SAS Death Squads: NATO's Phoenix Program in Afghanistan?

By Anthony C Heaford, 12 July 2012

British special forces stand accused of extra-judicial executions of detained prisoners in Afghanistan. From the available evidence and from what I was told in Afghanistan in 2012 I have little doubt these summary executions did occur. The intention of this report, mine, is not to help convict the perpetrators of such crimes. I am trying to provide them with their best defence - that they were carrying out the implicit directions of the most senior commanders after being placed in the most abhorrent of situations.

In December 2022 a parliamentary inquiry of these allegations was announced, but limited to operations from mid-2010 to mid-2013 -a period coinciding with ex-General David Richards' tenure as Chief of the Defence Staff. Before the inquiry was announced and while the allegations about the SAS ‘death squads’ were circulating in the media ex-General Richards resigned two company directorships (here and here) in February 2022 and disolved his own company Palliser Associates in September 2022. Richards has already been forced by the House of Lords Commissioner for Standards to admit his own liability to prosecution for war crimes committed under his command in Afghanistan and I’d speculate Richards slew of company closure and resignations in 2022 was his ‘clearing the decks’ as the revelations about SAS death squads snowballed in the media. Prior to his tenure as Chief of the Defence Staff (2010-13) Richards was command of all NATO forces in Afghanistan from May 2006 to February 2007, a period marked by strategic and tactical disasters for British forces in Helmand and potentially when the first of the summary executions during NATO kill/capture operations occurred.

2007 to 2008 Afghanistan

NATO operations in 2007/08 Afghanistan have been described as reminiscent of the CIA instituted 'Operation Phoenix’ aka 'the Phoenix Program. In 1971 a US Congressional hearing described the Phoenix Program as a “sterile depersonalized murder plan”.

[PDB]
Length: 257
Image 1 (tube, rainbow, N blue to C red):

The comparison of NATO operations in Helmand to America's Phoenix Program in Vietnam was made by the most qualified of commentators, Frank Ledwidge. Mr Ledwidge is a barrister who served in the British armed forces hunting war criminals in the Balkans and searching for ‘Weapons of Mass Destruction’ in Iraq. From June 2007 to January 2008 Mr Ledwidge was the Justice Advisor to the British Provincial Reconstruction Team in Afghanistan and worked closely with military personnel on implementation of human rights compliant policies in a war-fighting environment. In his 2013 book Investment in Blood: The True Cost of Britain's Afghan War he said:

“A new military approach was introduced: the 'capture or kill' policy… there was at least as much killing as there was capturing. This tactic, like so much else in the current phase of the Afghan War, was more than a little redolent of the desperate days of the Vietnam War, when the CIA instituted Operation Phoenix to target key Viet Cong officials.”


“According to Manaan, troops [US special forces] had been brought into Toube [a village in Garmsir district, Helmand province - the British area of operations] by helicopter. They had then swept through the village, killing at least sixteen people in their homes. Three men, inculding Manaan, had been brought out alive before the foreign soldiers for interrogation. One by one, when they gave unsatisfactory answers, they had their throats cut. But Manaan had ‘played dead’ and somehow survived. Such stories will be familiar to those who know of the interrogation techniques used in Vietnam."


“… the so called ‘kill-capture’ tactic, which has recently come to greater prominence as the latest scheme to end the war. Based on similar operations in Iraq against Al Qaeda, it has been taken up by NATO forces throughout Afghanistan. It bears some resemblance of Operation Phoenix - the US’s so called ‘black’ operation in Vietnam to neutralise the political leadership of the Viet Cong - involving as it does the large scale deployment of special forces in missions against ‘high-value trargets’."

Another British army veteran of Afghanistan 2008 is member of parliament Johnny Mercer. Mr Mercer served as a special forces operations officer and his autobiography - We Were Warriors: A Powerful and Moving Story of Courage Under Fire - reads like a veiled confession. Describing those operations Mr Mercer said:

"In almost all cases... attempted detentions became killings.